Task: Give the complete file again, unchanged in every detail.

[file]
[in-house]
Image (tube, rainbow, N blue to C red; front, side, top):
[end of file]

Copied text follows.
[in-house]
Image (tube, rainbow, N blue to C red; front, side, top):